William, Viscount Monson (Mounson), Regicide, d.c.1673
Sentenced to life imprisonment as a regicide, even though he withdrew from the King's trial and did not sign the death warrant.
The second son of Admiral Sir William Monson (c.1568-1643), William Monson was knighted in 1623 and acquired a large estate at Reigate in Surrey upon his marriage to Lady Margaret Stewart (d.1639) daughter of the Earl of Moray in 1625. Three years later, he was created Viscount Monson of Castlemaine in the Irish peerage. Monson opposed King Charles' arbitrary rule during the 1630s and was among those who refused to pay ship money in 1636. He was elected MP for Reigate in the Long Parliament.
Monson supported Parliament during the civil wars, serving on the county committee for Surrey during the First Civil War, and defending Reigate Castle against the Earl of Holland's Royalist uprising during the Second Civil War. In January 1649, Monson was appointed to the High Court of Justice. He attended the opening sessions of the King's trial, but withdrew from the proceedings and did not sign the death warrant.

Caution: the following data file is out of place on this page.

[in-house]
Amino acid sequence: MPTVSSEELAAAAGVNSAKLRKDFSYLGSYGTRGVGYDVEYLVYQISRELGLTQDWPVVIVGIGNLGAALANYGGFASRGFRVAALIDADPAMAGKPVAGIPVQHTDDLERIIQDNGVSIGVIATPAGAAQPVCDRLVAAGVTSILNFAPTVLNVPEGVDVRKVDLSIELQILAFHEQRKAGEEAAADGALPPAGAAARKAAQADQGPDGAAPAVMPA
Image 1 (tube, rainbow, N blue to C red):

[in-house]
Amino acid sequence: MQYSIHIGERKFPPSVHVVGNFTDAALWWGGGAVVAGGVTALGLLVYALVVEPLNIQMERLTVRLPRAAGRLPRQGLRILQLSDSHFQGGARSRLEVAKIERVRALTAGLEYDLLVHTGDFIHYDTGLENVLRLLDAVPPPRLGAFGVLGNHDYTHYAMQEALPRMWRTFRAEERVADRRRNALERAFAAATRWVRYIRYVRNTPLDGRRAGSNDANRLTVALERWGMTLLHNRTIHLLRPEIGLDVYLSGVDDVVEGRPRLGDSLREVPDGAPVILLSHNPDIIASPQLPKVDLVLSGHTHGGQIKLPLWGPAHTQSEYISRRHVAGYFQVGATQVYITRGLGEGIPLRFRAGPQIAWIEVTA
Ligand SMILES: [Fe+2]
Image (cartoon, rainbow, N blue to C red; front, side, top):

During the 1650s, Monson fell into financial difficulties and was imprisoned the Fleet prison for debt. He was released in May 1659 when the Rump Parliament was restored, but was imprisoned again as a regicide at the Restoration of Charles II. Monson pleaded that he had attended the King's trial in the hope of finding a way to save him, but he was stripped of all his property and titles and sentenced to be drawn from the Tower through the city of London to Tyburn and back with a halter about his neck, then imprisoned for life. Monson died in the Fleet prison around 1673.
Gordon Goodwin, revised by John Gurney, William Monson, first Viscount Monson of Castlemaine, Oxford DNB, 2004